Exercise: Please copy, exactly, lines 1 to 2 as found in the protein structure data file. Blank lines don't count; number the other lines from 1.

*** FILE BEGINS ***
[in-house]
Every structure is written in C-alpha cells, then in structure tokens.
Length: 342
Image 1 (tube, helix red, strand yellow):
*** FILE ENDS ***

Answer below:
[in-house]
Every structure is written in C-alpha cells, then in structure tokens.